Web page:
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August 12, 2004

The Myth of Economical Parallel Sentences

Post from Ron:
As part of my "Ron Meets the Real World Tour," I have been chatting lately with prosecutors and defense attorneys in federal court, especially in the Fourth Circuit. You may recall that the Fourth Circuit, in Hammoud (background here), held that the guidelines were still constitutional but also "recommended" that district judges impose an "alternative" sentence treating the guidelines as advisory.

Based on my conversations so far, it appears that few district judges are accepting the invitation from the Fourth Circuit. They are imposing sentences under the guidelines without adjusting local practice to allow for a parallel "advisory guideline" process. The reason the judges often give is that the alternative sentence, meant to conserve judicial resources, will not accomplish this goal. Doug saw this one coming, although the details about why alternative sentences are not economical remind us how much we miss when viewing the world from the vantage of an appellate judge.

The district court judges point out that if the Supreme Court does rule that the guidelines are unconstitutional, the sentences imposed in the meantime will all be remanded for sentencing anyway. Assuming that an "alternative" sentence exists somewhere in the record, it will not be formally recorded in the judgment but will be buried in the transcript somewhere, and the proceedings may not even be transcribed at that point. The defendant will also have the right to be present during the resentencing on remand, if only to hear the judge repeat the earlier "alternative" conclusion. Finally, a decision to impose an alternative sentence at this point requires all the parties to anticipate the facts that might be relevant under new law, and the procedures best suited to uncover the relevant facts. The attorneys will probably not be satisfied at some later date with the preliminary judgments they made on these questions the first time around, and will be asking to re-open some questions.

In short, given the paperwork involved in preparing for a resentencing, the necessity to schedule a hearing anyway, and the likely pressure from attorneys to reopen the merits, the judges believe that the alternative hearing will not truly save them much effort. Thus, for at least some districts in the Fourth Circuit, life goes on as if Blakely never happened ... for now.

UPDATE: This story from the Charleston Courier and Post describes the decision by Judge Duffy in the District of South Carolina to impose three separate sentences: a guideline sentence, a guidelines-as-advisory sentence, and a sentence ignoring only the sentence-enhancing components of the guidelines. The story notes that this is the first case to be sentenced in the district since Blakely. So it looks like the Fourth Circuit's advice is being heeded in some districts. What remains to be seen is which is truly the most efficient response to the current uncertainty.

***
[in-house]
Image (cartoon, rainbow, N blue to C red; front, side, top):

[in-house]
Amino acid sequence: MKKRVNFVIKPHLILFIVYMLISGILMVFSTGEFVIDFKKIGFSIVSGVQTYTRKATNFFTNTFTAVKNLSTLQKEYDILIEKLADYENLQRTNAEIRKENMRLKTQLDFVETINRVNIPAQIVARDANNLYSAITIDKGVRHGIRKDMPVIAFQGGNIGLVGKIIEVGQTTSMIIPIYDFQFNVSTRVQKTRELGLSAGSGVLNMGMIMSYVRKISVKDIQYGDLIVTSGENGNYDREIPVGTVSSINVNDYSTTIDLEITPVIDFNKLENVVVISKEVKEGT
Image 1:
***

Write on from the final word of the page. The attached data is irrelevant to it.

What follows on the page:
August 12, 2004 at 07:15 AM | Permalink

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Comments

Federal Public Defender
I practice in the Fourth Circuit. I think the real danger with an alternative sentence is that it will take effect if the guidelines are declared unconstitutional. There is case law from the early guideline/pre-Mistretta era when the guidelines were under constitutional attck. Courts entered alternative sentences: under the pre-guideline scheme and the guideline sentence. The guideline/alternative sentence was contained in the judgement and commitment order. Courts ruled that that sentece became effective once Mistretta was decided; there was no need for re-sentencing; and no ability to appeal the alternative sentence at that point. It was just an administrative matter for BOP to implement the previously imposed alternative sentence. That's the danger here---those who get an alternative sentence may not get another chance (unless the Supreme Court takes a Shamblin approach rather than the Croxford approach which the Forth Circuit appears to assume). There are due process and effective assistance of counsel arguments that should be raised when an alternative sentence is imposed. My office is recommending that alternative sentences, if not to the defendant's liking, be appealed.

Posted by: Lou Newberger | Aug 12, 2004 8:03:44 AM

(Appellate defense atty): I thought that judges' oath of office required them to try their honest best to determine and then say what the law is, and then to implement the law in a decision. And that Article III of the Constitution prohibits advisory opinions. Don't those two propositions, taken together, rule out any "alternative" sentences, at least one of which is by definition *not* an application of what the judge believes to be the law, and which is *not* the ruling in any case or controversy?

Posted by: Peter G | Aug 12, 2004 11:23:40 PM

This may not be what the comments are for but if you would break down your blog into pages by date so that one does have to print the same data over and over. Inmates are receiving your blog by mail from there contacts that read and mail them the messages. They do not have access to computers. Thanks FRED

Posted by: fred wingfield | Aug 20, 2004 12:42:07 PM

This may not be what the comments are for but if you would break down your blog into pages by date so that one does have to print the same data over and over. Inmates are receiving your blog by mail from there contacts that read and mail them the messages. They do not have access to computers. Thanks FRED

Posted by: fred wingfield | Aug 20, 2004 12:42:14 PM

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